#7574350, By teh_MBK The 6 Most Ominous Trends in Video Games

  • teh_MBK 15 Jun 2011 00:57:11 197 posts
    Seen 3 years ago
    Registered 4 years ago
    I think the BF3 vs MW3 argument is fine because they play differently. I find CoD games to be more fast-paced, if that's the right wording. What I mean is, you tend not to have to be as careful, just faster (when comparing the original MW and BF:BC2).

    In terms interaction methods, I think there is a lot that can be done to remedy the issues he has with this. I don't understand why we can't have a little Wii nunchuck-esk device to go with Kinect. Probably because they'd loose their main marketing line, but it makes perfect sense to me because my living room is smaller that most game levels are supposed to be, so I can't run around very much. The nunchuck was one of the things I liked about the Wii controls.

    His arguments about the use of peripherals probably has a cause not too distant from the reason there are masses of similar themed games. It's all about risk Vs. reward for businesses. I know I said that BF3 is different enough from MW3 to allow for nice arguments to arise, but they are still similar enough that some people haven't decided which they want yet...

    On to the sequel bashing. The only place where I can see this being a fair point is when things don't change. As much as I loathed Dragon Age 2, I can appreciate the fact that they were trying to make things better for the majority. Granted, the reasons weren't golden, they undoubtedly noticed that the Mass Effect series sold a lot better than Dragon Age: Origins decided they should glue a new face on Mass Effect, but still, it was an attempt at change, albeit a lame one as it just transferred to another franchise. This is what annoyed me BTW, you want Mass Effect, play Mass Effect, I want Dragon Age!

    But I digress.

    Anyway, changes. The Elder Scrolls series is a crowning example of what I want to say here. Think back to TES: Arena and how things have changed game-to-game (we don't talk about Redguard ;o) ), it's almost like watching the developers slowly realising their original dream as better technology allows them to do more of what they wanted to in the first place. It's brilliant. Randomly generated terrain -> Pre-built environments -> NPCs with jobs and dynamic quests. I like sequels that expand upon what already exists and they are completely justified. I'm not so keen on regurgitations, which is why I barely played Fallout: New Vegas after spending hours playing Fallout 3, more of the same.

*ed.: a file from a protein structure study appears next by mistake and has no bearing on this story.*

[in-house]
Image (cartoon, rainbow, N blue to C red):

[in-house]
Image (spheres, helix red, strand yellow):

The security stuff he's probably right about. I only say that because I've given up hope being a PC gamer, though Ubisoft's "stay online all the time" DRM seems to have faded and I don't see OnLive, or similar systems, taking off until we see broadband speed increases and steadier connections. Having said that, I was a slow adopter of the digital download, which I have now switched to because every game I buy needs registered and can't be sold on anyway.

    I kind of agree with the last couple of points, but only so far as gaming has a long way to go in terms of developing. Through my youth (I'm 23 now, played 2D Duke, Cosmo and Commander Keen as child), most new titles touted shiny visuals and, I'll be honest, I lapped a lot of it up.

    It's only recently I've been playing games and been...well...bored. The only titles that still grip me are those with immersing world or story lines, good characters etc. They are few and far between and it tends to be moments of immersion rather than consistent experiences. The original Witcher springs to mind. Personally, if games are going to stick with the "What if the world was like this and you were this guy." plan, then writing is something I would like to see focussed on next (if we must do one thing at a time...).

    Hmm, I appear to have gone on a bit.
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